Earlier this week, the Gospel reading was the passage in which Jesus gives us the Beatitudes. And most Christians are familiar with what the Beatitudes are, but not necessarily with what beatitude itself is. It’s not a word we typically see in any other context, so its meaning can get easily get muddled.
That’s why Monsignor Stuart Swetland, host of Go Ask Your Father™ focused a Catechetical Corner this week on the meaning of beatitude. He explained, “One of the biblical teachings on what beatitude is: it’s the coming of the kingdom of God. Seek first the kingdom and everything else will be added unto you. So, one way of talking about our beatitude is that we are actively participating in and living the reign of God, the kingdom of God.”
You may have also heard the term Beatific Vision to refer to the experience of heaven. Msgr. Swetland pointed out that this is because, “Another definition [of beatitude] from the Scriptures is the vision of God. Blessed are the pure of heart, for they shall see God. Many spiritual writers in the Christian tradition talk about the Beatific Vision, another name for being with the Lord in heaven.”
Illustrating this definition of beatitude, he said, “You know, someone who is in love loves to gaze upon their beloved. They want to look, they want to gaze upon each other and just hold each other in sight. And of course, that’s one way of talking about being with God in heaven. Being blessed, being beatified, having this beatitude is to see God face to face.”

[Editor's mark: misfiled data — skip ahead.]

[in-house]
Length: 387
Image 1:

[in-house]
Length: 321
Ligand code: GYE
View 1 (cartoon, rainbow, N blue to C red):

Some Bible translations use the word “happy are…” rather than “blessed are…” in listing the Beatitudes. And that is because the Catechism also teaches that beatitude is entering into the joy of the Lord.
Msgr. Swetland told listeners, “The Lord said, ‘I came that you may have life and have it to the full. I came that my joy may be yours and your joy may be full.’ So another way of talking about beatitude is entering into the joy of the Lord.”
“And last, but not least, entering into God’s rest,” he concluded. “Hebrews 4:7-11 talks about heaven as entering into God’s rest, entering into the Sabbath of God, if you will. Here’s how Augustine put it: ‘There we shall rest and see, we shall see and love, we shall love and praise. Behold what will be, in the end without end! For what other end do we have if not to reach the kingdom which has no end?'”